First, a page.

We're pleased to present this talk from Dr Jessi Grieser, an Assistant Professor in Sociolinguistics at the University of Tennessee. Dr Grieser specialises in discourse analysis, geosemiotics, and sociophonetics. Currently, her research agenda focuses on the use of African American English (AAE) in expressions of the intersectional identities of race, place, and social class. This talk is based off her research into the use of AAE in constructing place identity for residents of a historically African American neighborhood of Washington, D.C.
“I’ve never known a white person to live on Hill Street:”
Racializing Gentrification through Framing and Erasure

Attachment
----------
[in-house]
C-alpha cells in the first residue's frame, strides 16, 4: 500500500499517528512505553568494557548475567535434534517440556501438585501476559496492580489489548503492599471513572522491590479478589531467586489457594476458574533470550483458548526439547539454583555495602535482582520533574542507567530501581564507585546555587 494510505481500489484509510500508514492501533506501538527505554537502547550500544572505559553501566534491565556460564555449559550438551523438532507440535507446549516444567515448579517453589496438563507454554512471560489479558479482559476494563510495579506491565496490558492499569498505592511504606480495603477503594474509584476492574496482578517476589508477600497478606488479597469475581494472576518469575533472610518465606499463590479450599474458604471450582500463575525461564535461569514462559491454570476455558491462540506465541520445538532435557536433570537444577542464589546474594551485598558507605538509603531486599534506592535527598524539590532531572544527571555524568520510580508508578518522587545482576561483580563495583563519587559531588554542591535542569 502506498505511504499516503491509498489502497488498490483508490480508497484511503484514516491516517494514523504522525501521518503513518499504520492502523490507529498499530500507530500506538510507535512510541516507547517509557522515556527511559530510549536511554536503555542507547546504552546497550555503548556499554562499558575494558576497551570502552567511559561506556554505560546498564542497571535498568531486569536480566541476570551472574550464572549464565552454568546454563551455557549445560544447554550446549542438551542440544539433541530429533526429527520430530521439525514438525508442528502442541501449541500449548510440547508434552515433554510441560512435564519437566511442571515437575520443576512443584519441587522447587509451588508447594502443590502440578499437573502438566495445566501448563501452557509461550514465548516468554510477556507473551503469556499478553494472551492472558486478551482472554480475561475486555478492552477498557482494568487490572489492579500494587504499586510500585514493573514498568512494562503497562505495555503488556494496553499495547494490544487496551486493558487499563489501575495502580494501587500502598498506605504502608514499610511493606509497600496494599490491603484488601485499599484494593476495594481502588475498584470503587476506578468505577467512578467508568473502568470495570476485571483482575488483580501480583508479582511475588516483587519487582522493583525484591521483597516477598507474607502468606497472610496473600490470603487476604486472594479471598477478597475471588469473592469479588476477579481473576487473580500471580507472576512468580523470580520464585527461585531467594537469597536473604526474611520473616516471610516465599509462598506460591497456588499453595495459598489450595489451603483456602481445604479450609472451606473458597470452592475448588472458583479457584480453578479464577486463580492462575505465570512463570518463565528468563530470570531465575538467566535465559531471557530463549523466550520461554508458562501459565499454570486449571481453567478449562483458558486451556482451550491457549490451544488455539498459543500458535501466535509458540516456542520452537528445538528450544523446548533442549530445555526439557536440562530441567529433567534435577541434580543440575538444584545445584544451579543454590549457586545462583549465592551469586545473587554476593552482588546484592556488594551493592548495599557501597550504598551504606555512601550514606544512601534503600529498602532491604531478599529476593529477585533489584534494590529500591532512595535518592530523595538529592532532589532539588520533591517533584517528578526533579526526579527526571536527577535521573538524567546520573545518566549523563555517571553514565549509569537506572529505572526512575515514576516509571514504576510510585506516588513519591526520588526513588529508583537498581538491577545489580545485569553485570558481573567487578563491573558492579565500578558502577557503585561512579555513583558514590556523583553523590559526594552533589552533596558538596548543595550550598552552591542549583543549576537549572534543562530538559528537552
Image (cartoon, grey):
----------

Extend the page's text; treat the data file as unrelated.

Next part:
Gentrification, the “production of urban space for progressively more affluent users” (Hackworth 2001) is quite possibly the most well-studied phenomenon in urban studies. It has, however, been seriously under-theorized and under-explored by linguists, with its studies being limited mostly to studies of linguistic landscape. In this talk, I discuss a project in Anacostia, Washington, D.C., an historically-Black neighborhood which has undergone rapid change in the 2010s. I trace three frames of how Black residents of the neighborhood evaluate white presence in the neighborhood: neutrally, as a novelty, negatively, as a takeover, and positively, as diversity. I argue that these three frames have the effect of erasing the existence of Black newcomers, which in turn re-produces Big-D discourses which see gentrification as a purely racial, rather than economic issue. This in turn, allows the community members to position the neighborhood’s Black residents—old and new, lower income and affluent—as a single cohesive community staking a firm claim on Black urban space.